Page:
I used to live in New Orleans where the celebration of Mardi Gras is as huge as one of those oversized floats wobbling down St. Charles Avenue skimming the canopy of oak trees as krewes throw plastic beads at enthusiastic revelers. Mardi Gras, also known as Shrove Tuesday, is when Christians are encouraged to reflect on repentance before the solemn season of Lent begins on Ash Wednesday. I never had the impression that the people smushed together on Bourbon Street reflected anything other than how alcohol really, really lowers inhibitions. Still, I love a parade and feeling like Mr. T from the 1980s television series, The A-Team with 40 pounds of shine dangling from my neck.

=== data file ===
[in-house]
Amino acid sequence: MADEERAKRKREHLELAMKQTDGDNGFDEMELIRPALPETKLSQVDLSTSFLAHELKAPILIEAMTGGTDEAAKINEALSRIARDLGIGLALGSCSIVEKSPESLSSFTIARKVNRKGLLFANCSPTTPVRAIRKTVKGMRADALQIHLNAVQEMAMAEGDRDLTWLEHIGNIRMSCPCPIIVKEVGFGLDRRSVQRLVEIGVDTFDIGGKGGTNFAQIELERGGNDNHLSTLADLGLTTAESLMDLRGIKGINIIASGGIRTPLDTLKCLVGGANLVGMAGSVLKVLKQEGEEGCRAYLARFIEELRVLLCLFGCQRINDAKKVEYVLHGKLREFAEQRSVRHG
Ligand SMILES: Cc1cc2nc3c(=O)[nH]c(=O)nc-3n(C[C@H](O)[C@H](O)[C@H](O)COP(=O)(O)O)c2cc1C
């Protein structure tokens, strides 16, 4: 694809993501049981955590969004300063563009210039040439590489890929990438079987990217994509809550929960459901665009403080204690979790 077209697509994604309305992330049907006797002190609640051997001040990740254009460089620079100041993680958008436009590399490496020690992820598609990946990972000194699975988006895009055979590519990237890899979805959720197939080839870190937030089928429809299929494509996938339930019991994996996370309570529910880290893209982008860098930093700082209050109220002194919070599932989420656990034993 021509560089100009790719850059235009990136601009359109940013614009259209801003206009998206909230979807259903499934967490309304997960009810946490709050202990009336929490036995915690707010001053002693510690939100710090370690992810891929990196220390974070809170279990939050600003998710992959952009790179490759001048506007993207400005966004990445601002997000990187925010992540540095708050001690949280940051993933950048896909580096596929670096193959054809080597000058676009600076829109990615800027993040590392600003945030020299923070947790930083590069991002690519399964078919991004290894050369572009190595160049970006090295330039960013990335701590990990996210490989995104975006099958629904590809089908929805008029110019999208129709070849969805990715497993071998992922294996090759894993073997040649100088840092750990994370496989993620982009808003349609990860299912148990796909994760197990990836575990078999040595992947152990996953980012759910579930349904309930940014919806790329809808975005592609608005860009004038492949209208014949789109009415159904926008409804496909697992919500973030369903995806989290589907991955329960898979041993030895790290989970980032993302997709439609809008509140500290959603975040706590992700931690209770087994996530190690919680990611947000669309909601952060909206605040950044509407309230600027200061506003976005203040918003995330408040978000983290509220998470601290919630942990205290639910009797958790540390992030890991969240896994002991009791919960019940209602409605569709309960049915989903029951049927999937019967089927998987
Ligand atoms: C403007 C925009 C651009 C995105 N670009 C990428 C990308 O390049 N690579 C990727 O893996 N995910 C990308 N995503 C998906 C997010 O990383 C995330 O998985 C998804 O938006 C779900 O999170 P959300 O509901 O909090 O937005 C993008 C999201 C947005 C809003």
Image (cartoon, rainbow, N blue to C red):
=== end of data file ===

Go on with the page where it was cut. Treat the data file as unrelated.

Shrove Tuesday is like New Year’s Eve in the secular world. You celebrate, indulge, imbibe. The next day you wake up pop some aspirin, chug water, and begin your resolutions. Lent isn’t as much about resolutions as it is a time to make restitution for ways we have failed God. Maybe that sounds like a buzz kill compared to the revelry of Mardi Gras or even the zeal of New Year’s resolutions, but I love the sobriety of Ash Wednesday. I love going to mass and seeing the community of believers line up to face mortality with the meekness of remorse and hope that is mercy. It’s not just lining up for ashes, it’s realigning ourselves with God. It’s committing to taking off the weight of sin, to stripping away anything that separates us from our Savior and preparing ourselves for the joy that resurrection brings.